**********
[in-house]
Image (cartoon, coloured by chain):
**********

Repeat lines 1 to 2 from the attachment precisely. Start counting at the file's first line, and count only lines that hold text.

[in-house]
Image (cartoon, coloured by chain):